Esports is at the heart of the Luckbox project. The ambition is not only to become the number one place to bet on esports but also to create thriving community where players and fans come together to engage with each other over their favourite games.

But why esports? Well, for a start, we love esports at Luckbox and, secondly, the potential in the sector is huge — and largely untapped.

A brief overview of Esports

For the uninitiated, esports is a general term for playing video games at a competitive level. Major tournaments and finals are played between teams in venues with thousands in the crowd, while millions more play online.

Teams are similar to football clubs — they scout, recruit, develop and transfer players. Tickets for major events sell out in minutes.

The 2013 LoL World Championship finals at the Staples Center in LA

Games are played on PC and consoles such as PS4 and Xbox One, with the most popular games including Dota2, CS:GO, League of Legends, PUGB, FIFA and H1Z1.

With the explosion in popularity, organisation and structure has followed. There are now several governing bodies with responsibility for different games, regions and events, with amateur and professional players and teams taking part.

Esports might be relatively new but, make no mistake, it’s already big business.

How big is esports?

Esports is truly global and massively inclusive. Players of all ages and from all backgrounds are involved.

According to esports market intelligence agency Newzoo, the total audience for 2016 was 370 million, with that expected to rise to 385 million. By 2020, it’s expected to reach 589 million, with revenue generated by esports expected to reach £1.1 billion.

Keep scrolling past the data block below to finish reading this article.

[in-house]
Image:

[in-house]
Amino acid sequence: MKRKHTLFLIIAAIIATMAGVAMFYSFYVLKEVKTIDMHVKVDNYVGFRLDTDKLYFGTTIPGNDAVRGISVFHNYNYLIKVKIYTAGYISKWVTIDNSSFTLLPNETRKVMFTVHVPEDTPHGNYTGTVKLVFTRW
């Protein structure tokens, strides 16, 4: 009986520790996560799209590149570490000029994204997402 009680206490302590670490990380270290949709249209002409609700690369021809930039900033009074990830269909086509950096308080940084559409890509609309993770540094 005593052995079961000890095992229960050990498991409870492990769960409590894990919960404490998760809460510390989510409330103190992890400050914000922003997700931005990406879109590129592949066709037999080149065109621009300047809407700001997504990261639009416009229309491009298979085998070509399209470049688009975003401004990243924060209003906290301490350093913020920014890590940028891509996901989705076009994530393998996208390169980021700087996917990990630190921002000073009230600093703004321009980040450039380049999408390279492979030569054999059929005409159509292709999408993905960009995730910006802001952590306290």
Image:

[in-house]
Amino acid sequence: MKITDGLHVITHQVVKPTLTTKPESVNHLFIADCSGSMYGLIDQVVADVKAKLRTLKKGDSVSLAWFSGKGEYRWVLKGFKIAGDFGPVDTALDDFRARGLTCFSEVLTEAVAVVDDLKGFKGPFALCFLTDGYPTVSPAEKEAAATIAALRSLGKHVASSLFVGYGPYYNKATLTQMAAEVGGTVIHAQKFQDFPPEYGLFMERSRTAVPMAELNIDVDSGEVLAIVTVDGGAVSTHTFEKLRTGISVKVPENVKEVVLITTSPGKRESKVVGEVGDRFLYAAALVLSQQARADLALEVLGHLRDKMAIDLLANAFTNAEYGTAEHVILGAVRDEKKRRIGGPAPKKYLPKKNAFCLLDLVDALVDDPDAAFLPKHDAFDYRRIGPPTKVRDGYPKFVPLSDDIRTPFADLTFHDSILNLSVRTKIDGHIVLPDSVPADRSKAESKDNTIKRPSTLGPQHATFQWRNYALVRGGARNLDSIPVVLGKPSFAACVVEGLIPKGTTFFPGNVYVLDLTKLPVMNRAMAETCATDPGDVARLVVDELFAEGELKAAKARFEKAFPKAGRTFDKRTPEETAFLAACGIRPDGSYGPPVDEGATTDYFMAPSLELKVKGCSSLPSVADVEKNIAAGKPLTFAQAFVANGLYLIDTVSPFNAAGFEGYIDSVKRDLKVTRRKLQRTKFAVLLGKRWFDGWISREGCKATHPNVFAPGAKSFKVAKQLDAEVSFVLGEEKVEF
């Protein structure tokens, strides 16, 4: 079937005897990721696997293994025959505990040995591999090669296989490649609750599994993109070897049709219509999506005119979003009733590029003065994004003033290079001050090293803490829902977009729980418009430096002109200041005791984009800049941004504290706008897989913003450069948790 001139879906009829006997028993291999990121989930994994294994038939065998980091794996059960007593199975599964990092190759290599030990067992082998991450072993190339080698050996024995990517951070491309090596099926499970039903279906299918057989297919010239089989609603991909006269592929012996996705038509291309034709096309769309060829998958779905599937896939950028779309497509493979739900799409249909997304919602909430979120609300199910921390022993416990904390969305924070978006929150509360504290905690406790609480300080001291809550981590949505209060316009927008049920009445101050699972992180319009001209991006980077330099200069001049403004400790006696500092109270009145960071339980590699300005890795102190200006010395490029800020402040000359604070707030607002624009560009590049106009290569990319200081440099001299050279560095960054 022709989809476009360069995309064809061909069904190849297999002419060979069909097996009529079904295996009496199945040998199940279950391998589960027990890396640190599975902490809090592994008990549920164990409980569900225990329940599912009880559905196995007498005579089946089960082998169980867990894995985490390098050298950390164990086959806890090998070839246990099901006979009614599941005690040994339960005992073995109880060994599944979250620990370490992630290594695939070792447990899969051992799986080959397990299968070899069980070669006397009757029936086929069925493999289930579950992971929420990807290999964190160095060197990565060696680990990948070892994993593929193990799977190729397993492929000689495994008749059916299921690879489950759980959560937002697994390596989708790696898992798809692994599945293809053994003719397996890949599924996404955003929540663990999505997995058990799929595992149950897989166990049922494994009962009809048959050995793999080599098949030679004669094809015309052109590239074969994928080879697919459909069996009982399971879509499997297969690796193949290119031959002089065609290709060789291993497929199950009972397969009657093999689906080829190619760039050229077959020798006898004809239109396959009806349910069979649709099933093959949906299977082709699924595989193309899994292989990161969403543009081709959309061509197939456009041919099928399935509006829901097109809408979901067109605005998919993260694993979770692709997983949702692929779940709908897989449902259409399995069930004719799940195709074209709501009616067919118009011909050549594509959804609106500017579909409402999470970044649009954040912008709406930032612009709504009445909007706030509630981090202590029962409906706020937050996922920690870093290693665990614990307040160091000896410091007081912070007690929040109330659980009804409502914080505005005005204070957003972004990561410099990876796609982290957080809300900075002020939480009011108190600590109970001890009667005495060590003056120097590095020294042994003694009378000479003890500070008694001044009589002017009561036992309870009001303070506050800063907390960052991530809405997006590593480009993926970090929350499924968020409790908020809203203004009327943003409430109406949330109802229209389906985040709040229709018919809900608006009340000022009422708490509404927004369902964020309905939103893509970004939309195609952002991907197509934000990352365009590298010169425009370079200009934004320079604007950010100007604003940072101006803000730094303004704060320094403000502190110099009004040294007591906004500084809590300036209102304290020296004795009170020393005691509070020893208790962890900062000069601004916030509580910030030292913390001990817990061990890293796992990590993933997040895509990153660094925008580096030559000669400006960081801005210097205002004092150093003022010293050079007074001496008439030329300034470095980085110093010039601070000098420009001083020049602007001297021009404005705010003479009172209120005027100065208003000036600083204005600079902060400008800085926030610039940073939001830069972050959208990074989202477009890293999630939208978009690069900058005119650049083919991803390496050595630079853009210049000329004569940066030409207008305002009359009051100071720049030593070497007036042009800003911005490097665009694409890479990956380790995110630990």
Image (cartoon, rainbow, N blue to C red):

For context, 31 million watched the 2016 NBA finals, while 36 million watched the same year’s League of Legends World Finals.

Newzoo say: “With the number of viewers esports attracts, there is no doubt it will grow to a multi-billion-dollar industry in the coming years.

“The only question is at what pace this will occur. After an initial growth phase, the overall structure of the esports industry has become clear. However, business models aimed at increasing revenues per entertained consumer are still being tested.

“As the growth of the industry largely depends on improving the monetisation of fans, the pace of growth will depend on the success of new leagues and events that look to sell media rights and sponsorship deals for the entire league at once.

“Local and challenger leagues are a second crucial component required to tap into the local marketing budgets of sponsors.”

Of course, audience and revenue figures of these sizes don’t go unnoticed and major brands have already begun to align themselves.

Esports growth predictions from Newzoo

German Bundesliga club Schalke and several top-flight Turkish teams have League of Legends squads, while French champions Paris St Germain have teams in Rocket League and FIFA. And there’s plenty more on the way.

In the US, the NBA 2K eLeague is due to launch in 2018, with all 30 NBA teams predicted to have an esports team.

NBA 2K’s senior vice president of basketball operations Jason Argent told engadget: “I think there’s enough momentum, there’s enough proof, and there’s enough people and enough consumers who are playing and participating in eSports that it’s a very viable market in our opinion.”

Esports betting

There are plenty of places to go for fans to bet on their favourite games but no one has nailed it yet — which is why we’re so excited about Luckbox.

Most traditional operators offer some form of esports betting but options are limited and there’s a clear lack of understanding of the sector.

And the other end of the spectrum is platforms that fully understand esports and have successfully attracted traffic. The problem for many of these sites is a lack of regulation.

Some are operating illegally — particularly skins gambling sites — and have been or will be in danger of being closed down. Thousands of players have been left out of pocket by such sites. Players simply aren’t properly protected.

And those that hold licenses are restricted to certain geographical regions, meaning they are not able to reach a global audience and grow as a business.

Luckbox’s mission is to capitalise on this opportunity by being a genuinely dedicated esports-centric platform while at the same time complying with the highest levels of jurisdiction, just like other major operators.

As well as love of esports, the Luckbox team boasts a wealth of experience in the gambling industry, working with companies such as PokerStars, Full Tilt and BetStars. This combination of understanding and knowledge will put us at the forefront of the sector.

Learn More